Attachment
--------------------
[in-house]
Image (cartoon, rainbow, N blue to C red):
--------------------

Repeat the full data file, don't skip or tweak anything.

[in-house]
Image (cartoon, rainbow, N blue to C red):